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No one in his right mind would admit to it, but it is there nonetheless. In fact, it is there in epidemic numbers. The church is full of people who are embarrassed by God. Sure, there are parts of Him about which we are terribly proud. We are so eager to let the world know about the love of God that we assure His enemies He loves them and has a wonderful plan for their lives, though God has not so promised. We are pleased to announce His compassion, His grace, His wisdom, and His sympathy.

When we open our Bibles, however, we find all manner of things that God does, right out in the open where everyone can see. His judgment, His holiness, His purity, His jealousy, and His wrath are all blowing in the wind like so much dirty laundry. And the strange thing to us is that He seems to be proud of these things. No, that’s not strange. What is strange is that we who say we love Him are ashamed of those things about which He is proud.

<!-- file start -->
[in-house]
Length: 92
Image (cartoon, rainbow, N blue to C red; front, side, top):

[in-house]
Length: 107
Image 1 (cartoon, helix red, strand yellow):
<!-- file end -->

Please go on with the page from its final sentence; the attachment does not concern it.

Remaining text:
How can I be so sure? As I said, no one will admit it. But the silence in our pulpits is loud enough. We not only do not preach the wrath of God, we laugh at our Puritan forebears who did. We make fun of “hellfire-and-brimstone” preaching because we don’t really believe in hellfire and brimstone. But God is the one who heats the fire of hell, who sends the brimstone raining down on us. And though it embarrasses too many of us, He delights to do so.

This is our true shame. We confess before Him our failure to keep our quiet time faithfully. We confess that we covet our neighbor’s car. We confess that we thought an ugly thought against a friend. What we do not confess is the beginning of our sin, our idolatry. We do not confess that we worship a god of our own making. The only thing that sets us apart from the world around us is that our god has some resemblance to the true God, or at least part of Him.

There is only one antidote for our hatred of God’s wrath, and that is His mercy. But His mercy comes through His wrath. He will forgive us our idolatry, if we confess it, because He spent His wrath at Calvary.

The God we worship we worship coram Deo, before His face. He sees us as we are. By His grace, may He teach us to see Him as He is, and rejoice.

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From the February 2002 Issue
Feb 2002 Issue